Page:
Chair: Ceridwen Lloyd-Morgan
In the First Branch of the Mabinogi, Rhiannon is falsely accused of destroying her own child. As punishment, she is forced to tell strangers the story of her supposed wrongdoing and carry them on her back like a horse. In the lively debate surrounding Rhiannon’s equine punishment, academics have largely overlooked the second facet of her penance: the forced recounting of a false narrative, which turns her intelligent voice into the instrument of her suffering. Rhiannon’s plight is echoed in the Mabinogi’s Second Branch, when a scorned Branwen teaches a starling to speak and has it deliver a letter telling the story of her mistreatment. Both characters are variations on the folklore motif of the Calumniated Wife, an international tale type featuring a woman outcast after marriage. But in Rhiannon and Branwen, the author of the Mabinogi re-writes the motif, empowering the unjustly ostracized women to reclaim their narratives. The storytelling of the Calumniated Wives conflates patterns of subversive female speech in the Mabinogi with the predominantly male generative act of storytelling. In re-telling their stories, the Calumniated Wives assert their innocence and ultimately escape their punishments. By reading Rhiannon and Branwen as purposefully empowering re-writings of the Calumniated Wife motif, this paper illuminates a tradition of subversive female storytelling in the Four Branches and complicates the discussion surrounding the possibility of female authorship of the Mabinogi itself.
The purpose of this paper is to introduce some proper names of people and animals bearing a traceable connection to the animal world found in the texts of the Mabinogion, and present their etymologies with equivalents in other Celtic languages. The names will be accompanied by the respective excerpts from the original text and with translations. Where relevant, the names or animal species will be put into a wider mythological or cultural context. Some examples of these might be:
A pig Banw, "pig(let), hog; young animal", a piglet of Twrch Trwyth": MW banw, pl. beinw, OCorn baneu ‘sus’, O Breton ban‘scrofa’, Br banw; MI banb; Gaul PN Banuus, Banuo.
An ox Brych – "spotted, speckled, brown"; cf. (M)W brych "spot, speck, stain; speckled"; OI brecc "speckled"; Gaulish PN Briccus.
Call, lit. "wise; sharp, wily"; further Cornish cal, I callaid; maybe from Latin callidus.
Cavall, lit. "horse": MW caual, W cafall "horse, steed" caballus.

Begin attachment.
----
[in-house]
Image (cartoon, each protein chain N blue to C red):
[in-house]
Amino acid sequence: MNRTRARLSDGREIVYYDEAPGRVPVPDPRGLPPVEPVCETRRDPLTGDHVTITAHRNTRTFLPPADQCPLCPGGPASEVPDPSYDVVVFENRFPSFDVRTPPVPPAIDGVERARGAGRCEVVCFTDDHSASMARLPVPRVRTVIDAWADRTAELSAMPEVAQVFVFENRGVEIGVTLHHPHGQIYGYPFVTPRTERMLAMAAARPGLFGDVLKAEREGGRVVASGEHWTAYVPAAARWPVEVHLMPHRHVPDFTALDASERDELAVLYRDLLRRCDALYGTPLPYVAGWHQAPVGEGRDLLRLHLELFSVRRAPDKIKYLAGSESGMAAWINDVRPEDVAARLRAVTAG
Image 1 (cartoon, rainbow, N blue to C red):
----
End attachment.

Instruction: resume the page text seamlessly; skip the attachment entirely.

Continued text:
Cuall, cf. OW cúáll, W cuall "sudden, quick, speedy; hasty, mad, dull".
Dogs Glass, Gleissig, Gleissad, cf. W glas "(greenish) blue, greenish blue, grass-coloured, pale(-blue)".
Kulhwch, son of Kilydd: a tautological compound, where hwch means "pig" and kul-is compatible with Lithuanian kiaũlė"pig" <*keu̯lii̯ā, while Kilydd<*kūlii̯o-, cf. Lithuanian kuilỹs, gen. kuĩlio "boar" (Hamp, E.P. 1986. 'Culhwch, the Swine'. ZCP 41:257-58).
March, son of Meirchyawn, cf. MW march, pl. meirch "(war-) horse, stallion, steed".
Twrch Trwyth "the boar Trwyth", cf. MI Torc Triath (Lebor Gabála Érenn), OI Orc tréith "Triath's boar" (Sanas Cormaic).
The Celts from insular and continental Atlantic Europe left as a legacy a common pantheon and a common theology. This was in essence a Trinitarian monotheistic religion that encompassed a feminine lunar trinity (the Matres) and a masculine solar trinity embodying the three steps of the Sun: Sky, Sea, and the Other World in the orbe tripartito.
The Matres, characterized as three virgins through the seasonal cycle, also embody the Celtic political system. The young virgin that chooses the king that is to rule the Treba or Toudo remained as Saint Brigid or the Blessed Virgin Mary commemorated in Candlemas (Candelária or da Luz); when she married him and gave birth she became Mater (the ‘mother’ of the dying god Esus); and, after the death of the king, she assumes his soul (as an old virgin, cailleach, builder of the landscape); finally rejuvenating, she reinitiates the cycle with a new king that is to rule the land.
The masculine trinity represents the three steps of the Sun in the Earth’s orbit. In the first step it takes possession of the sky, in the second it takes possession of the sea, and in the third it takes possession of the Earth, the Underworld. It is conceived as a child and a teenager in the first step (with the related epithets sometimes shared in roman interpretatio by the same deities); as a psychopomp, guide of souls, in the second step; and as dying God and a judge of the afterlife in the third, symbolized by the Orbe Tripartito and the triskelion.
This presentation explores the continuity of these basic elements of Celtic religion in the new Trinitarian monotheistic religion that followed (Christianity) with its imposition by the Emperors of a decaying Rome after the crisis of the 3rd century CE.